Tactics Journal

by Kyle Boas

Analyzing football tactics

Arsenal's answer is Fabio Vieira

August 27, 2023 — Arsenal has overcomplicated a change in midfield dynamics. When Fabio Vieira was introduced into the game, it reintroduced old concepts from last season, and they began to look like a winning team again. But they drew to Fulham.

Figure 1.1 - Arsenal overload the right-wing, 4v4, with Thomas Partey leaving space behind Ben White.

The first glaring issue is that Thomas Partey is not a right-back, he is a 6, but Mikel Arteta persists with this flawed experiment. I’ve covered the reasons why it’s flawed in this post linked here.

Overloading the right-wing to isolate the left-wing is the goal. This has not worked.

They move the ball back and forth across the pitch like a crab with no penetrative progressive pass. There is less end product. They are not bombarding the goal.

When they switch play to Gabriel Martinelli, the two options for him are Jakub Kiwior and Kai Havertz. This is a downgrade right now when you compare it to last season when he could play off of Oleksandr Zinchenko and Granit Xhaka.

Both Zinchenko and Xhaka have better decision making, are more nimble and agile, cleaner one-touch passing. They make that run to the corner to cut the ball across goal. Havertz doesn’t have the decision making yet, he’s mistiming runs, offside, and when he gets the ball in the penalty area his cut-back passes are sloppy.

Martinelli is on an island. It’s him against the right-back. That’s the only option. And the runs aren’t being made for Martinelli to cut a pass across the box if he beats his man.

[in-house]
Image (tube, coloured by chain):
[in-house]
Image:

The chances created are lower quality when you compare them to those created when you overload the left-wing to isolate Bukayo Saka on the right-wing, like they did last season.

Figure 2.1 — Ball is switched to Gabriel Martinelli, and Fabio Vieira makes the run to the corner of the box, while Jakub Kiwior joins in to form a triangle.

Fabio Vieira knows how to make the type of runs Granit Xhaka made last season, to the touch-line. Overload with that triangle on the left-wing; Nkeitah, Saka, and Ødegaard can attack the cut-back pass.

Figure 2.2 - Fabio Vieira wins a penalty.

It’s a winning repeatable formula. Switch from the holding midfielder to the left-wing, overload, break to the corner, and win a penalty or cut a cross across goal. Simple.

Figure 3.1 - Scramble for the ball that gets kicked out to Fabio Vieira.

As a Fulham player goes down injured in the box, play goes on. Look at the space Eddie Nketiah finds himself in, central.

Figure 3.2 - Fabio Vieira picks out the pass to Eddie Nketiah for the goal.

Inch perfect pass to Nketiah equals goal. You might get this type of pass from Leandro Trossard or Gabriel Martinelli but not Kai Havertz.

Figure 4.1 - Bicycle kick by Fabio Vieira. HENRY NICHOLLS/AFP via Getty Images

This bicycle kick capped off the perfect 34 minute cameo. If that performance doesn’t earn Vieira a start, I don’t know what will. He is ready.

He is what they need between the lines to get the best out of the center-forward, to create chances for those isolated on the right-wing, to help Martinelli break into the penalty area.

Figure 5.1 - Suggested lineup to overload the left-wing.

Overload the left-wing to isolate the right-wing. Have Declan Rice attack zone 13 at speed. Allow Fabio Vieira to make those runs into the top left-hand side of the box.

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